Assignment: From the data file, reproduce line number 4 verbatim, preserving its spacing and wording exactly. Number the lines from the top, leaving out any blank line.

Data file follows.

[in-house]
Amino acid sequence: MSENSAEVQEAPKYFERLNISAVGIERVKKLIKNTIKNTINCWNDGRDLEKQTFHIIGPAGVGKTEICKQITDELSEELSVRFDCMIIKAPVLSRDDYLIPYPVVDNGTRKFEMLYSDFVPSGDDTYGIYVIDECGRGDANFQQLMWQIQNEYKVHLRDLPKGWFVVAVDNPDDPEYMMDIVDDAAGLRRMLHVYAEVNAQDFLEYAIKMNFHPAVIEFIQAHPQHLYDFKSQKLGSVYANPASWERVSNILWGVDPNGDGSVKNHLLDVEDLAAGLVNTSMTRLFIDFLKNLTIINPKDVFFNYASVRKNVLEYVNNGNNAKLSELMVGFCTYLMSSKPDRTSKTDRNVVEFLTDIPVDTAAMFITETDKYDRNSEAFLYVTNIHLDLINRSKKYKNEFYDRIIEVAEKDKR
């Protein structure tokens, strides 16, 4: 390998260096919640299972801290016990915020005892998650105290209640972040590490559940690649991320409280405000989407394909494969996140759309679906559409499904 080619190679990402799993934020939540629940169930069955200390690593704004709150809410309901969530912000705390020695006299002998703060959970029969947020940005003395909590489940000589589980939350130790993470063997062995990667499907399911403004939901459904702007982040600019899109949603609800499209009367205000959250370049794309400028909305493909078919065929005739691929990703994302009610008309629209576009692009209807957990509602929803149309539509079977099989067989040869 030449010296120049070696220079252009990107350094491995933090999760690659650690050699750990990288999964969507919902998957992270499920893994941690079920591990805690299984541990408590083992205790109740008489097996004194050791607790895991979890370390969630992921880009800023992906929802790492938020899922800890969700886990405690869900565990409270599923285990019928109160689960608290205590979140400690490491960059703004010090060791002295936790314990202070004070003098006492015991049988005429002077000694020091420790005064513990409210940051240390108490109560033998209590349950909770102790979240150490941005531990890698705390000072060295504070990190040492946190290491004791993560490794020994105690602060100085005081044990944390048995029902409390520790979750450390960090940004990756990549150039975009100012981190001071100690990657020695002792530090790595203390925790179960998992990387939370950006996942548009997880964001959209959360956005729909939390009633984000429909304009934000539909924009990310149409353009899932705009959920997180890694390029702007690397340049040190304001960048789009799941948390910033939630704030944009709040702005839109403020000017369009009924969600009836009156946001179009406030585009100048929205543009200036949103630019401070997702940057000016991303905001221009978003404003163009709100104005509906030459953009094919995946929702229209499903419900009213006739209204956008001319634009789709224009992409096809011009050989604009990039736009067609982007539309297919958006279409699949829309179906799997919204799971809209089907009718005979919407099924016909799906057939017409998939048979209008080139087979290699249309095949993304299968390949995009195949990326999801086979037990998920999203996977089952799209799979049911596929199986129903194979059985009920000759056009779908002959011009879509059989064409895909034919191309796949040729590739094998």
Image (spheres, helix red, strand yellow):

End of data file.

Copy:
Image (spheres, helix red, strand yellow):